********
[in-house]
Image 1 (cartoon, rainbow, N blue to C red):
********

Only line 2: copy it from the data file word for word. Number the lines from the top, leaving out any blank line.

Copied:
Image 1 (cartoon, rainbow, N blue to C red):